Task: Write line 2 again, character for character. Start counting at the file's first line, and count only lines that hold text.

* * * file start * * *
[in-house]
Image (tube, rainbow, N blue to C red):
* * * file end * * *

Image (tube, rainbow, N blue to C red):